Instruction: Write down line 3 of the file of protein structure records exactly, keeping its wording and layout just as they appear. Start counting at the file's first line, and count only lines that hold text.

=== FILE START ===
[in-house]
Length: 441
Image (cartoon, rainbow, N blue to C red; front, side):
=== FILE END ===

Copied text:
Image (cartoon, rainbow, N blue to C red; front, side):